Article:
Posts Tagged ‘RNA-induced silencing complex’

The Development of siRNA-Based Therapies for Cancer

Author: Ziv Raviv, PhD


The use of gene regulation technology in research and medicine had evolved rapidly since the discovery of post transcriptional gene silencing using RNA interference (RNAi). RNAi was first described in C. elegance in the 90s of the previous century. RNAi post transcriptional gene regulation is carried out by small non-coding RNA double strand RNA (dsRNA) molecules such as microRNA (miRNA; miR) and small interference RNA (siRNA), and has an important role in defending cells against parasitic nucleotide sequences (e.g. viruses) as well as in gene expression regulation.

In RNAi-mediated gene regulation, short dsRNA molecules are being transcribed in the nucleus (in the case of miRs) or introduced exogenously into the cell (in the case of synthetic siRNA or viruses), and are processed in the cytoplasm by an enzyme called Dicer that cleaves long dsRNA and pre-microRNA to produce short double-stranded RNA fragments of 21 base pairs long. The 21 nucleotides long double strand RNA is then being incorporated into the RNA-induced silencing complex (RISC) where it is unwound into two single strands RNA (ssRNA). The “guide” strand is then paired with its complementary targeted messenger RNA (mRNA) that is subsequently cleaved by Argonaute RISC-associated endonuclease. Consequently, the targeted gene protein expression is blocked, leading to its substantial reduced levels in the cell. This so called gene silencing or gene knockdown, hitting the message not the gene itself, will last as long as RNAi molecules are present. The mechanism of action of RNAi is illustrated in the following Video.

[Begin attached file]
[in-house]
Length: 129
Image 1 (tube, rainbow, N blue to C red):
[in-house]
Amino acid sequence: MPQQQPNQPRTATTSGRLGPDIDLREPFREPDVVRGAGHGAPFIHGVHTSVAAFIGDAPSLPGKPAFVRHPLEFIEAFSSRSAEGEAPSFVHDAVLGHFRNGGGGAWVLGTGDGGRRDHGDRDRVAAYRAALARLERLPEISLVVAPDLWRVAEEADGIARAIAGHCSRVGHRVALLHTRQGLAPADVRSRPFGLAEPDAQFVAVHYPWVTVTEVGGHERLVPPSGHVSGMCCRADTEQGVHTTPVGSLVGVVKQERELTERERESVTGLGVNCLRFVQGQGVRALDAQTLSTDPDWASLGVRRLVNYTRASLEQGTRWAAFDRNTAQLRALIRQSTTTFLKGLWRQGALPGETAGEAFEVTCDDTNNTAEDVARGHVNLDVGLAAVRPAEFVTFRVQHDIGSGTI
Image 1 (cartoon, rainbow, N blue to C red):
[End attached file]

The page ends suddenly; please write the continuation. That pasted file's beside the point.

RNAi technology was then massively adapted for research allowing the evaluation of functional involvement of genes in various cellular processes because introducing synthetic siRNA into cells can selectively suppress any specific gene of interest.  Not only that RNAi serves as a valuable research tool both in cell culture and in vivo, RNAi has an extremely high potential for specific gene-targeting therapy, as many diseases consist gene deregulation. Synthetic siRNAs are perfectly and completely base pairing to a target (in contrast to endogenous miRs), leading to mRNA-induced cleavage in a single-specific manner that allows treatment without non-specific off-target side effects.

RNAi as therapeutic tool for cancer

All malignant conditions consist of gene deregulations in the form of mutations causing protein misfunction that lead to loss of cell growth regulation and consequently to cancer. Therefore, the fact that siRNA can selectively and specifically target any gene of interest creates a powerful tool to downregulate cancer-associated genes, that eventually will lead to a decrease and even abolishment of the malignant condition.

The advantages of using siRNA for therapy thus are:

  • RNAi technology represents a 3rd revolutionary step for pharmaceutics after small molecules and monoclonal antibodies (mAb), and has a strong commercial potential similar to mAb and even beyond.
  • The ability to target any gene of interest, by blocking specifically the message from DNA to protein consequently the protein is not allowed to be expressed and thus is not functioning.
  • Specificity – siRNA have strong potential to bind specifically to target mRNA, thus lowering unwanted side effects.
  • siRNAs are double stranded oligonucleotides, which are resistant to nucleases.
  • Fast pre-clinical development

General considerations for developing anti-cancer RNAi-based treatment